Another major improvement to Awakening is the Re-Classing system. In the past, Fire Emblem games have always had issues with the viability of the units you gain through the campaign. Potentially talented units may arrive too late to properly, units may be uncharacteristically bad due to bad luck with the random number generation for stat growth, and units that arrive already raised to the second class tier and high leveled lose out on too many potential level ups to keep up with unit that arrive younger and less experienced. Previous games tried to solve this problem in a number of ways. The open map from FE8 allowed the player all the time in the world to train up units. However, FE8 also suffered from classes not being all that distinct, and lacked Awakening ability to restart pre-promotes or units that got screwed with level ups. A third tier was added in FE10 to give all units additional levels to grow, but this only reversed the imbalance in favor of pre-promotes who arrive strong and have plenty of time to grow stronger. FE10 also had characterscome and go from the party and very odd times because of its story, making it difficult to train some of them into useful units. With the Re-Classing system, any unit can be reverted to its current class, the lower tier version of the class, or a preset list of other classes at Level 1. When they revert to Level 1, they retain their stats, as well as any skills gained from leveling up in other classes. This gives the player the freedom of a 100% viable cast, the possibilities for a character being more diverse than ever before. This, coupled with the map system, lets the player infinitely train and experiment with new combinations of unit classes and teams.

Now that I’ve spent so much time talking about how the mechanics work/ don’t work and how much I love this game, it’s time we hit the negatives for the gameplay. Fire Emblem’s main flaw come from a clash between the blending of the two genres. Because the player and enemy are not given perfectly equal units to fight with (like the units in Advance Wars, a turn based strategy game made by the same company), the strategy aspect of Fire Emblem can very easily pushed aside to the tactic of power leveling units to force your way through levels. The same systems that create so much depth in character building also allow the player to ignore  any sort of strategy or enemy formation and charge through with decidedly superior units. There are some points in the game where character grinding feels almost encouraged. In addition, the game suffers from some issues with how difficulty scales. In the higher level difficulties, enemies are given unique skills and stat boosts that are supposed to allow them to match up with your powerful forces. This is not a problem later on in a campaign with your well trained army, but early levels become virtually impossible. At many points, luck becomes a far bigger factor than skill in making it through the level with your group still breathing.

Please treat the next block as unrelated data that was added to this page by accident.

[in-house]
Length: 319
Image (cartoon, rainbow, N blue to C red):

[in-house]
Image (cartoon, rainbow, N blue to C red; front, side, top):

To finish, Fire Emblem Awakening is well designed turn based strategy RPG. It provides the player with incredible amounts of content, and makes great strides to be open to newcomers to the series while deepening the gameplay at the same time. It retains all of the aspects which give the series its charm while drawing in a huge new audience to the world of Fire Emblem. It has its quirks, but these don’t stop it from being an overall entertaining game.

2 thoughts on “Fire Emblem Awakening: The Game Analysis

    1. First, thank you very much for reading and for the feedback.

      True, luck has always mattered in this series. What I meant by that comment was that the early levels can turn into a game of resetting the level until the stars align in your favor and everything goes perfectly in Lunatic and Lunatic+.

      Reset if you don’t get a good enough level up. Reset if you don’t dodge an attack. Reset if a bunch of enemies spawn with the Counter skill. It becomes manageable once you gain the ability to freely travel the map to fight in skirmishes and start to even out the playing field. Before that, it can feel like a chore.